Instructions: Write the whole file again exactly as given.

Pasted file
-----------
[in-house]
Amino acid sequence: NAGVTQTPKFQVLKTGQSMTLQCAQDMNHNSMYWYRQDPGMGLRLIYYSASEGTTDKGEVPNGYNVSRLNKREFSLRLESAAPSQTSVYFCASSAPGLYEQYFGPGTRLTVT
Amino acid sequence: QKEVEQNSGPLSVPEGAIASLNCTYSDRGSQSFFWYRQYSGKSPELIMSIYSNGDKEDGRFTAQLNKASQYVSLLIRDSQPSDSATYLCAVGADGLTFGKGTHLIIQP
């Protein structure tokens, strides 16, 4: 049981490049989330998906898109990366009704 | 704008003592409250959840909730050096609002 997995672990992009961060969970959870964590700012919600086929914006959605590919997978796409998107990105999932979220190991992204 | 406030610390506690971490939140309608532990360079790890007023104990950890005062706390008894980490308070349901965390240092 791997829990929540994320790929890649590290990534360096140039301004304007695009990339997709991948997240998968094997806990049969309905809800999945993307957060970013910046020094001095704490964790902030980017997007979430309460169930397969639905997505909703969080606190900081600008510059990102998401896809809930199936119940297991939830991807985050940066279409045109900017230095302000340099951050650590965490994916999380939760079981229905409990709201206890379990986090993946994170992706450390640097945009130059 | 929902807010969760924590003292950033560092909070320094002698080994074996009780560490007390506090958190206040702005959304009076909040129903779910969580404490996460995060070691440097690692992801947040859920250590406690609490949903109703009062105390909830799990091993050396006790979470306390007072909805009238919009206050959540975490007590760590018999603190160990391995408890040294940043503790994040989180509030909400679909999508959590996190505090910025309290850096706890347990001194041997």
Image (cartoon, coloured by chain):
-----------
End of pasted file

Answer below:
[in-house]
Amino acid sequence: NAGVTQTPKFQVLKTGQSMTLQCAQDMNHNSMYWYRQDPGMGLRLIYYSASEGTTDKGEVPNGYNVSRLNKREFSLRLESAAPSQTSVYFCASSAPGLYEQYFGPGTRLTVT
Amino acid sequence: QKEVEQNSGPLSVPEGAIASLNCTYSDRGSQSFFWYRQYSGKSPELIMSIYSNGDKEDGRFTAQLNKASQYVSLLIRDSQPSDSATYLCAVGADGLTFGKGTHLIIQP
């Protein structure tokens, strides 16, 4: 049981490049989330998906898109990366009704 | 704008003592409250959840909730050096609002 997995672990992009961060969970959870964590700012919600086929914006959605590919997978796409998107990105999932979220190991992204 | 406030610390506690971490939140309608532990360079790890007023104990950890005062706390008894980490308070349901965390240092 791997829990929540994320790929890649590290990534360096140039301004304007695009990339997709991948997240998968094997806990049969309905809800999945993307957060970013910046020094001095704490964790902030980017997007979430309460169930397969639905997505909703969080606190900081600008510059990102998401896809809930199936119940297991939830991807985050940066279409045109900017230095302000340099951050650590965490994916999380939760079981229905409990709201206890379990986090993946994170992706450390640097945009130059 | 929902807010969760924590003292950033560092909070320094002698080994074996009780560490007390506090958190206040702005959304009076909040129903779910969580404490996460995060070691440097690692992801947040859920250590406690609490949903109703009062105390909830799990091993050396006790979470306390007072909805009238919009206050959540975490007590760590018999603190160990391995408890040294940043503790994040989180509030909400679909999508959590996190505090910025309290850096706890347990001194041997």
Image (cartoon, coloured by chain):